Fast forward to 2001: I received a response to a query letter from Egisto’s niece, Bianca Corrotti inviting us Tuscany to meet her and the other Bertozzi cousins. By then, my mother-in-law was in her 80’s and couldn’t travel, so we reluctantly went without her. Our hearts immediately bonded with my husband’s relatives and birthed the passion and motivation to research and write Bianca’s Vineyard.

What about Minnesota, where Egisto and Armida lived after immigrating to the U.S.?
Being as my husband and I were raised in Iowa, Minnesota was in our “back yard” so to speak. Many Bertozzi and Neumann relatives live in the “Land of Lakes,” so we’ve made numerous pilgrimages there over the years. The area is home to many of Egisto’s sculptures. We’ve particularly loved studying his sculptures at St. Paul Cathedral.

What is your next project?
In 2013, Domenico’s Table, the sequel to Bianca’s Vineyard was published. My third book, not a sequel, but with an Italian-American protagonist, is called A Year in the Company of Freaks and should be out this summer. You can read more about it, and my other books, on my website: http://www.teresaneumann.com

Going Against the Grain – A Gluten Free Italian Cookbook!

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Going Against the Grain

Being that I am not gluten-intolerant, I wasn’t sure I’d be a good candidate to review this beautiful cookbook by Nuccia Ardagna, a celiac patient who happens to have deep roots in Italy!  But because I am following the Dash diet which emphasizes lots of vegetables, fruit and lean meats, I knew that I would love these recipes!  Nuccia, like me, grew up in an Italian family where Mamma and Nonna were excellent cooks, and therefore we know what good food is all about!  When Nuccia was diagnosed with celiac disease, she wasn’t about ready to give up all that she loved!  She learned to adapt the recipes so that she could still enjoy them without compromising on the flavor. And now, she’s brought those wonderful recipes to us in her new gluten-free cookbook Going Against the Grain.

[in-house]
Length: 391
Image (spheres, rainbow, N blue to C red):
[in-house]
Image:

The book is beautifully laid out.  She starts off with an introduction to celiac disease – how to diagnose it and how to live with it.  This is useful information for those diagnosed or those that think they may have this disease.  After these introductions, her chapters are laid out by course – appetizers, first courses, second courses, side dishes, sweets, and bonus stuff!  The recipes are clear and she has included gorgeous photos with each recipe that makes your mouth water looking at them!  As soon as I received my book, I couldn’t wait to begin trying some of them.  The first one I tried was the Insalata Mista Piccante con Asparagi (Spicy Mixed Salad with Asparagus).  If you like the bitter taste of radicchio and crispy asparagus, you will love this fresh and healthy salad!  As my mom always said, bitter lettuces clean the blood!  Whether that’s true or not, you do feel healthier after eating them!

The other recipes I tried were main courses:  Pollo Ripieno con Mortadella and Coniglio al Forno.  I made some substitutions in both of these recipes, but I don’t think they detracted from the savoriness and flavor.  In the Pollo Ripieno recipe I decided to substitute prosciutto for mortadella.  Good mortadella is difficult to find near me (unless I go into SF North Beach), so rather than buy not so good mortadella, I used Italian prosciutto (which is easily found at my local Trader Joe’s).  This substitution may have led to the dish becoming more salty, but since I’m a salt-aholic, this was not a problem :)  My absolute favorite recipe from this book, though, and maybe an all-time favorite recipe, was the Coniglio al Forno!  Instead of rabbit, I used chicken drumsticks – again, mostly because they are more readily available.  The ease of this recipe and the flavor make this an absolutely perfect recipe suitable for everyone – family and guests!

I can highly recommend this cookbook – whether your are trying to follow a gluten-free diet or not!  In my opinion, the ingredients are so healthy and nutritious that everyone would benefit from cooking this way!  Kudos to Nuccia for taking an obstacle and working with it to continue enjoying delicious Italian cuisine!

Meet Nuccia with this interview!

How did you do research for your book?

Writing a book about celiac disease does require research mainly because new studies come out on the disease all the time, and with that new information. With regards to the medical part of the book, that certainly did require extensive research. For this, I used various resources; primarily books and reputable online organizations involved in the study of celiac disease. However, much of the first part was drawn from personal experience as well. I also reached out to TME (Topic Matter Experts) for added credibility and was delighted to have worked with a renowned doctor and his staff where they provided valuable direction and useful critique of my work. That same doctor also honored me by providing an exceptional foreword for my book! The recipe part was the most extensive and the part that took the longest time. There was the cooking, writing up the recipes and of course, the pictures, which that in itself was a big project. We wanted to make sure that they came alive through the pages of the book. All in all, cover to cover, it was a lot of hard work and one that I would do all over again if I had to!